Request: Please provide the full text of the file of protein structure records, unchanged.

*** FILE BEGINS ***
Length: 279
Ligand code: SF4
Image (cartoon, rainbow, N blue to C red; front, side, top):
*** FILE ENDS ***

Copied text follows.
Length: 279
Ligand code: SF4
Image (cartoon, rainbow, N blue to C red; front, side, top):